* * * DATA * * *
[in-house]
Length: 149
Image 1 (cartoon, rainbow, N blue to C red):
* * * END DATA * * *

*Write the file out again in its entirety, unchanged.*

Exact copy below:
[in-house]
Length: 149
Image 1 (cartoon, rainbow, N blue to C red):